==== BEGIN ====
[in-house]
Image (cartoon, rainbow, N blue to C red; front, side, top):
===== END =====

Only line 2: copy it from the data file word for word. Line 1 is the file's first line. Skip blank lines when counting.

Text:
Image (cartoon, rainbow, N blue to C red; front, side, top):